“The country in which I grew up, that afforded such extraordinary opportunities to a young girl leaving home when she was 17, is a country that believes deeply in innocent before proven guilty. And what I most object to in all of this, is this rush to judgment for an individual who, by every account, has had an extraordinary career, has been an exemplary father, and a truly remarkably public servant. So I say, they should tell their stories. If she doesn’t want to stand up and say what happened, with real facts, call the vote.”
By our count, the above audio is the first hit we’ve seen from what appears to be a Democrat-aligned tracker in District race. Such sneak attacks were, of course, commonplace on both sides ahead of last year’s special election, but this year’s race has gotten off to a much sleepier start. We’ve heard mumblings about Republican trackers showing up at recent McBath events as well.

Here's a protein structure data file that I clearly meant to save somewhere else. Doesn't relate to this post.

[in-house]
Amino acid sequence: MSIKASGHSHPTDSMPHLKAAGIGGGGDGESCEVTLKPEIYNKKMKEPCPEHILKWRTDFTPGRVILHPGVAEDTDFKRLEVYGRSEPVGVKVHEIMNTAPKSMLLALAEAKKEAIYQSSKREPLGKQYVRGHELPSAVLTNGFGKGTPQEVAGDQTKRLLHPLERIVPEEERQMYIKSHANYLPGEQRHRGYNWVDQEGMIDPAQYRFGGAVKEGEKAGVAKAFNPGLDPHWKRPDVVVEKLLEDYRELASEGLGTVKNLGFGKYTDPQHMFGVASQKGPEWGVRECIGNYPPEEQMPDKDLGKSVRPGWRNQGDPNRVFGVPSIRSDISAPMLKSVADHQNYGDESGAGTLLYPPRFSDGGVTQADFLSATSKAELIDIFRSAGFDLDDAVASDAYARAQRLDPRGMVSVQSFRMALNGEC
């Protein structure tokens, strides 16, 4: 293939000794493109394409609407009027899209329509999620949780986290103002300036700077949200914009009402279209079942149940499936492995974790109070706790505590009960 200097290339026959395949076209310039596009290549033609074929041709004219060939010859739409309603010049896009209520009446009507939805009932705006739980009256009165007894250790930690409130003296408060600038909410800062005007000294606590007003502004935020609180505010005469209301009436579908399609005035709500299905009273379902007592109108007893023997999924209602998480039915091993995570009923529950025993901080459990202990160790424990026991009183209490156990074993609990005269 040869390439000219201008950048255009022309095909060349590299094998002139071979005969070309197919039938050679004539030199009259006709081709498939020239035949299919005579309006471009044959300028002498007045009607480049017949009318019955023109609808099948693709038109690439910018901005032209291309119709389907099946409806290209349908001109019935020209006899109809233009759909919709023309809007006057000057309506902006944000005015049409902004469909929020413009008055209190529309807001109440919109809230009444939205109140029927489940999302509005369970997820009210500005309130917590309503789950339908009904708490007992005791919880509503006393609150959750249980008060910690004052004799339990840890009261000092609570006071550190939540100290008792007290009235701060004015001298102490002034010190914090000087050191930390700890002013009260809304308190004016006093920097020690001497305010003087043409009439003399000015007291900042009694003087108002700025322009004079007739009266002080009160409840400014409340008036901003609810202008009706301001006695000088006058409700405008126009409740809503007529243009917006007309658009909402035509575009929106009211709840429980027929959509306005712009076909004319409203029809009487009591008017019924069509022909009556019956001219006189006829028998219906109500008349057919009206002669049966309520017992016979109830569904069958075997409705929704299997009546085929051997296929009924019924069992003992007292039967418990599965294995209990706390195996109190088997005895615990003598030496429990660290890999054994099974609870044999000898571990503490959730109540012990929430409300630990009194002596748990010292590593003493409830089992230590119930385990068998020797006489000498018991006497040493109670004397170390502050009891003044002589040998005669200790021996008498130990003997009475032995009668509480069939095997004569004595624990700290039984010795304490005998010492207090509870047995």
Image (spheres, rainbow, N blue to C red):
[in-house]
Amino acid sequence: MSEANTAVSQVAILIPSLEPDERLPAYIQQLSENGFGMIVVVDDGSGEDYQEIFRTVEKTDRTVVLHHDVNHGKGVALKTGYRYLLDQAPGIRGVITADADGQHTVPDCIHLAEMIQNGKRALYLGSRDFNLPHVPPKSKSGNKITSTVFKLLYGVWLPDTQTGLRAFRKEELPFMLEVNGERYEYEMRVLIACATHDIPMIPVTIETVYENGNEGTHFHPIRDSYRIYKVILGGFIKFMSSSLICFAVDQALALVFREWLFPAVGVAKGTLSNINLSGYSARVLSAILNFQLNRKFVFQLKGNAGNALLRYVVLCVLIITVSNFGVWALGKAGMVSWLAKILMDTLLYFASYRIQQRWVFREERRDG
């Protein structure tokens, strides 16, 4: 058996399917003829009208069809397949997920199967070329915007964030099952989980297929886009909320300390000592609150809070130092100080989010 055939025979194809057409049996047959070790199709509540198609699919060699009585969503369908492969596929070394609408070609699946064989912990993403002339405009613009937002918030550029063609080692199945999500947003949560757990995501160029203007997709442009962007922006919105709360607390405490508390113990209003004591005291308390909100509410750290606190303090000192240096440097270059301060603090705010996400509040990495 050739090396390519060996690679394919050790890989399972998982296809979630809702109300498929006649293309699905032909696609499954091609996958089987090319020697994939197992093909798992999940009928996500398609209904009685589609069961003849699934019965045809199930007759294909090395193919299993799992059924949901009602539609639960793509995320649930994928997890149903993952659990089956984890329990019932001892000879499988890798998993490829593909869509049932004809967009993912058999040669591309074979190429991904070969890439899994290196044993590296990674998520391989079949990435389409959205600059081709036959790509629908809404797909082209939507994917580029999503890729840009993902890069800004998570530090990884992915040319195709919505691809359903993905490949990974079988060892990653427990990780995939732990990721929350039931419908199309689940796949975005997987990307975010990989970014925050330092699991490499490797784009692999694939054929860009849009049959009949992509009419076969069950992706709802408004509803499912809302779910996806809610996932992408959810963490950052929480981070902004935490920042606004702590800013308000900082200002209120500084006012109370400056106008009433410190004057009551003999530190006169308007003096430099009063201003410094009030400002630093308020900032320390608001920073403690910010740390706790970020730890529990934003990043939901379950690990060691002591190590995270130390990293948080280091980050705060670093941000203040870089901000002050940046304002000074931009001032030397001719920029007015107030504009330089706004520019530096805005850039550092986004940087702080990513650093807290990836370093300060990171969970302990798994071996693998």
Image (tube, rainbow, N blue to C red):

The owners of the lone remaining nuclear power plant under construction in the U.S. granted the project a slight reprieve on Monday, agreeing to proceed if, as one crucial partner demanded, a cap is placed on escalating costs.
That caveat came from Oglethorpe Power, which demanded that Southern Co. cover any costs associated with the Vogtle reactors that exceeded a limit of $800 million higher than the latest $27 billion estimate to finish the project.
That was welcome news to Stacey Abrams, the Democratic candidate for governor who said she encourages “all parties to come to the table and work together to find a solution that supports the workers and the future of energy in Georgia.”
Her Republican opponent, Brian Kemp, called the project “vital for economic development and Georgia’s future.”
“I am encouraged that the co-owners are negotiating a way forward that’s in the best interests of taxpayers,” he added.
A host of GOP leaders, including Gov. Nathan Deal and a majority of the Public Service Commission, have offered their full support for the expansion.